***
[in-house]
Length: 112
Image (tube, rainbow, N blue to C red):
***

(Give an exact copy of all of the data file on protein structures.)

[in-house]
Length: 112
Image (tube, rainbow, N blue to C red):